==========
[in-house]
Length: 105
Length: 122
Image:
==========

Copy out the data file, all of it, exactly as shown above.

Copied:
[in-house]
Length: 105
Length: 122
Image: